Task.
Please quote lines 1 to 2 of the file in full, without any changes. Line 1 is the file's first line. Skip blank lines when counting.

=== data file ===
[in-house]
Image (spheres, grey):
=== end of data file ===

[in-house]
Image (spheres, grey):